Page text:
Dad has been super busy this summer and I know you are dying to hear about some more of my adventures, but mom has something important to write about so I am letting her have my page again today.
Recently there was a post in a Facebook group I follow that lead to a discussion about what does and doesn’t qualify a dog as a service animal. Most, though not all, of the feedback was positive and people asked some great questions. I know we have discussed this topic before, multiple times, but it is something that can’t be discussed too much so I thought it was time for another post about service dogs, therapy dogs, emotional assistance animals, and the still growing trend of fake service dogs.
As I scrolled down my Facebook feed the other day I spotted a picture of a gorgeous black dane’s sweet gentle face. The post introduces the dog as the owner’s service dog for her anxiety. I went in to comment about how handsome he is and the first comment I saw was about someone wishing they had a service dane for their anxiety.
This set off alarm bells for a few reasons. First of all, Dan often hears comments from people wishing they had a disability so they could take their dog with them. Ugh. That’s so thoughtless. We have said before that we wouldn’t ever want to give Casper up, but if that meant Dan giving up cerebral palsy and all the other issues that go with it then it might just be worth it. Those people are making light of an issue that has and does shape every aspect of Dan’s life in ways the rest of us can’t even fathom. Additionally, it belittles Casper and other service dogs who are not just pets, but highly trained workers. There is so much we would like to say to those people, but we know they don’t mean harm. They just don’t understand and it will take more time than we can usually spare to educate them so we just smile and nod.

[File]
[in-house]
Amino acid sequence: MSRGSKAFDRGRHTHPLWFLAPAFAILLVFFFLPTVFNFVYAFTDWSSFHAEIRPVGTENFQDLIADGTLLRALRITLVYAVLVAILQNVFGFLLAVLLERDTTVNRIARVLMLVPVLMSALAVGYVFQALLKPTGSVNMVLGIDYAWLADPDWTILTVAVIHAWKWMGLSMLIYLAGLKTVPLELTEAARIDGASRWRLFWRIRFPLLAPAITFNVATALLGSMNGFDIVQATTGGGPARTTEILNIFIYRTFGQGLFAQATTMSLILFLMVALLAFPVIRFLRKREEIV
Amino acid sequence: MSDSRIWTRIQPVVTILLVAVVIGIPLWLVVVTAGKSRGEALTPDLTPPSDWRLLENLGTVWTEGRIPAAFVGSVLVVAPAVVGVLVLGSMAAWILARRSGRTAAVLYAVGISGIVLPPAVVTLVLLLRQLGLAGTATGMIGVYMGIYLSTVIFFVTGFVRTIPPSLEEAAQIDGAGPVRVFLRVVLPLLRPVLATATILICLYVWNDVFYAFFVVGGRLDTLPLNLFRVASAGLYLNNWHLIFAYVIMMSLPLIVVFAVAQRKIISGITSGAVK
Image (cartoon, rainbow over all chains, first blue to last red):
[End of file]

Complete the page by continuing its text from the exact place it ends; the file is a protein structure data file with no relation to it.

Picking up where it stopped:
The other part of the comment that hit me hard was the misunderstanding of what kind of anxiety a service dog would be used for. With the stresses of modern life most people have some level of anxiety, but those people have no idea what daily life is for a person with severe anxiety. To have anxiety at a level that will qualify you for a service dog must be a real struggle. Our oldest human child has pretty bad anxiety. It definitely shapes her life in way that make things difficult and complicated. Yet, as bad as her anxiety is she would not qualify for a service animal. That kind of anxiety would likely be paralyzing in some situations. It would also probably play a part in your physical health as well (blood pressure, tremors, blood sugar, pulse, and many things I can’t imagine).